Did you feel a small shaking of the earth on Monday around 6:35 p.m.?
If so, you weren't imaging things. A small, magnitude 1.3 earthquake occurred at that time in Dutchess County, according to the Lamont-Doherty Cooperative Seismographic Network.
The quake's epicenter, about 8.1 miles deep, was located 1.4 miles north-northwest of Holmes; 6 miles north of Lake Carmel, and 16.5 miles east of Beacon.
Most earthquakes under 2.5 magnitude aren't felt but can be recorded by a seismograph. About 900,000 earthquakes of less than 2.5 magnitudes occur each year.
"Small quakes are not uncommon all around the region – many are not even felt," said David Funkhouser of the Earth Institute at Columbia University. "Since the typical scale of measurement is logarithmic, quakes on the lower part of the scale are relatively minor."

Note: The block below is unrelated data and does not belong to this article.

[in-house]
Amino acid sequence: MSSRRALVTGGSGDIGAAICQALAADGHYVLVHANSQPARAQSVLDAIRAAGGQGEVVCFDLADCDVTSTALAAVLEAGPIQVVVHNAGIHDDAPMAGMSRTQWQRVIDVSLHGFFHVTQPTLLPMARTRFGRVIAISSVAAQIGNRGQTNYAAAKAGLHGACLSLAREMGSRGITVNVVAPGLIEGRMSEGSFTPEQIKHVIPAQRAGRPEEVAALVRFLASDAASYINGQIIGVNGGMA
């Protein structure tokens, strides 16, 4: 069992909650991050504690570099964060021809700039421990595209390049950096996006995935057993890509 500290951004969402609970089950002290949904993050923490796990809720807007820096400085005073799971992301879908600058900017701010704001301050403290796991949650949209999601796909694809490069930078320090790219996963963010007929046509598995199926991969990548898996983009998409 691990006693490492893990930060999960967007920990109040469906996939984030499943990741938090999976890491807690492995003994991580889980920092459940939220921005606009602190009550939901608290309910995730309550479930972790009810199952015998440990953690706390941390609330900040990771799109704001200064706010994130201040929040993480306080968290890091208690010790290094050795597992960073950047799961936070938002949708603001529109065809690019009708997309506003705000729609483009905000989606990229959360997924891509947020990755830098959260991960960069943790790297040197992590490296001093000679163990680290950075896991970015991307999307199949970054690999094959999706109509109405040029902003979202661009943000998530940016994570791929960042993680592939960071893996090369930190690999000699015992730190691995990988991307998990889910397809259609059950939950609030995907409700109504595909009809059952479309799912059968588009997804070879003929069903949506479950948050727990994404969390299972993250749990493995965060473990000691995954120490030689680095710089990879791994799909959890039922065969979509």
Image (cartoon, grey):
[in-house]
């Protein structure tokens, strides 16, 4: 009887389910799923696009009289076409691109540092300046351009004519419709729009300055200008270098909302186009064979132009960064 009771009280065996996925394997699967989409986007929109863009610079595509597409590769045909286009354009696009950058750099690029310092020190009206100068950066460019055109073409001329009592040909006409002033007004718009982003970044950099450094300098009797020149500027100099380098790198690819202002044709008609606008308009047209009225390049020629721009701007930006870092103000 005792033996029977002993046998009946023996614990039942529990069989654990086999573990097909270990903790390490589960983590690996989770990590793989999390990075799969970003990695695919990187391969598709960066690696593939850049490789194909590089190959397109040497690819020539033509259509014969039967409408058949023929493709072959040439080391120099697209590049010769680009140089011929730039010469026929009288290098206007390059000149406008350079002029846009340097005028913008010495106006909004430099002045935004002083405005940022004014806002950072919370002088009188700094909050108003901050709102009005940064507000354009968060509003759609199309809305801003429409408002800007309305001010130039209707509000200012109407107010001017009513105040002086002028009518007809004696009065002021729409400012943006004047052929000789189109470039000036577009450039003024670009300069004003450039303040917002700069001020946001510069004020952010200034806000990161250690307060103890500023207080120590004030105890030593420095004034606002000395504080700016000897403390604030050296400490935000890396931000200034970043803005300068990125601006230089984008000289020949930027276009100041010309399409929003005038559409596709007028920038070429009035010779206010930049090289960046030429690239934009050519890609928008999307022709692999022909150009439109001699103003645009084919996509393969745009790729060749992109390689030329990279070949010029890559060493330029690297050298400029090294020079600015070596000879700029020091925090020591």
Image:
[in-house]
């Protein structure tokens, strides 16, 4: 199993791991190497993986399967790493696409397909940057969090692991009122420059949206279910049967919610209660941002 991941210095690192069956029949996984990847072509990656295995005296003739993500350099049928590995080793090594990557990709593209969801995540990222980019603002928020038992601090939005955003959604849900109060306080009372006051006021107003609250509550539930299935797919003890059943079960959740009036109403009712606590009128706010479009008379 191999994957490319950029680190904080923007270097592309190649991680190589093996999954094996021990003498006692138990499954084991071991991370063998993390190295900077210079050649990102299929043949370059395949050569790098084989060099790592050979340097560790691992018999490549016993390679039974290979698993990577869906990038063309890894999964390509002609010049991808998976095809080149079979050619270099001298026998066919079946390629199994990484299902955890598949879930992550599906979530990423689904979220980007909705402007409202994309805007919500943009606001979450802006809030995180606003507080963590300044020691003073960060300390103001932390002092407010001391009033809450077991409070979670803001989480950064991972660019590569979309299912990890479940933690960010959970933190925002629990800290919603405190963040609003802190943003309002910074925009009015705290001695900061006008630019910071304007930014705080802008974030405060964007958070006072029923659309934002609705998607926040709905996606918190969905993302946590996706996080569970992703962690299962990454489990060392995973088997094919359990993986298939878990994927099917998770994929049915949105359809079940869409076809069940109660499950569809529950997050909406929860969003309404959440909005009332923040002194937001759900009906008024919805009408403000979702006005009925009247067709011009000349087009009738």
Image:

Earthquakes have been recorded since colonial times in New York and the surrounding area and suffered damage from infrequent larger ones. New York City received damage from earthquakes in 1737 and 1884, according to the Lamont-Dorthey Cooperative Seismological Network at Columbia University.
Moderately damaging earthquakes strike somewhere in the urban corridor roughly twice a century, and smaller earthquakes are felt roughly every 2-3 years, they added.
If you did happen to feel the earthquake, officials with the USGS National Earthquake Information Center are asking residents to respond to a small survey to help map the impact.